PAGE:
Sign In
Sign In
Register for Free

Whole-school literacy strategies – What can schools do to ensure they succeed?

Frustrated-looking boy holding several books in his hands

Between time constraints and complex subject demands, improving whole school literacy standards can be an uphill struggle – which is why it’s best to tackle one area at a time, advises Alex Quigley…

Alex Quigley
by Alex Quigley
DOWNLOAD A FREE RESOURCE! Year 7 English worksheets – Jungle descriptive writing lesson plan and resources

Everyone recognises the crucial importance of literacy, but too few recognise that our best laid plans to develop whole school literacy typically fail.

Why does whole school literacy routinely fall down? The problem of how to support struggling readers and writers in secondary school is simply so complex and multifaceted, that it often proves too difficult to resolve.

Any given student may have problems with spelling, handwriting, reading complex curriculum texts, extended writing, using academic vocabulary, and much more. Not only that, but such individual issues are also subtly interrelated, and not always easy to diagnose using our standard assessment tools.

And so it is that busy teachers will press on, while too many students lose motivation and struggle to access the curriculum.

Too little time

To help illustrate some of the causes behind whole school literacy struggles, let’s meet Adam. Throughout KS3, Adam has struggled to read the daily texts in most subjects – from worksheets in science, to Shakespeare passages in English. With effort, he would wade through academic texts, reading robotically word for word, before tripping over the trickiest terminology.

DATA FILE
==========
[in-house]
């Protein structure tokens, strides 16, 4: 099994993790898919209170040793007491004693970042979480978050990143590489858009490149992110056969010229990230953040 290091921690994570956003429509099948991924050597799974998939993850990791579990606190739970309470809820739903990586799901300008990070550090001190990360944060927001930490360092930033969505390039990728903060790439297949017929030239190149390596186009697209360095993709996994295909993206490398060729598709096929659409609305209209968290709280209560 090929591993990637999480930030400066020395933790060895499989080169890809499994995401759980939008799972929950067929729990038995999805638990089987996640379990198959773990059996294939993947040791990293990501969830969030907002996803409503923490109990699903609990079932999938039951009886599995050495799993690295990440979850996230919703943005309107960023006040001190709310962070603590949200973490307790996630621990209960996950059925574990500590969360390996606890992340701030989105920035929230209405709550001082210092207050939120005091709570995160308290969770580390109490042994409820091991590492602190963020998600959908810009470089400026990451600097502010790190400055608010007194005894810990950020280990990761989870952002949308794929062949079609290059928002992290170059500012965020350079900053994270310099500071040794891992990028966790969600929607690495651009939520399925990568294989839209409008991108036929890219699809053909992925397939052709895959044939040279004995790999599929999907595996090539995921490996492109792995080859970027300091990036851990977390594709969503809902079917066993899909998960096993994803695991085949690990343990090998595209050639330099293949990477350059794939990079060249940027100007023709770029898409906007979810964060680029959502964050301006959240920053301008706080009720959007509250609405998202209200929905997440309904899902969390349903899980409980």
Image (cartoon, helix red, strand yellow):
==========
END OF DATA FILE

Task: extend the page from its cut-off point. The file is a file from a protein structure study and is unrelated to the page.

Given his slow, effortful reading, Adam doesn’t have the time or mental bandwidth to write and think fluently. His ability to simply navigate the school curriculum is compromised by his inability to read and write at age-related expectations.

So where should we start with Adam? We may need to identify high quality interventions that improve his reading fluency. He may need each of his teachers to carefully calibrate the texts they share with his level of understanding – but in order to do so, those teachers will likely need ample professional development on how to best utilise timely literacy strategies for students like Adam. The challenges soon stack up.

We’re left asking why whole school literacy initiatives often struggle and fail students like Adam, but the answer is clear: the issues are too complex, and there’s too little teacher time to address them. The only viable solutions are likely too generic and superficial to satisfy Adam’s needs in every classroom.

Disciplinary literacy

Many secondary teachers who have previously sat through whole school CPD sessions on literacy will complain that they haven’t impacted on their practice. Too often, when it comes to literacy training, school leaders will resort to strategies like marking policies that centre on correct spelling and polished presentation to keep things simple for busy teachers.

Such strategies aren’t necessarily flawed, but will do little to improve Adam’s access the school curriculum, since a marking policy won’t teach him how to correct his spelling or write more accurately.

It’s more helpful to make whole school literacy initiatives more subject-specific – an approach termed ‘disciplinary literacy’. The Education Endowment Foundation guidance report, ‘Improving Literacy in Secondary Schools’ describes it thus:

Disciplinary literacy is an approach to improving literacy across the curriculum. It recognises that literacy skills are both general and subject-specific, emphasising the value of supporting teachers of every subject to teach students how to read, write and communicate effectively.

In practical terms, this helps reveal an important truth about literacy – that reading, writing, and speaking like a mathematician has some parallels to literacy development in history, but that there are also some important differences.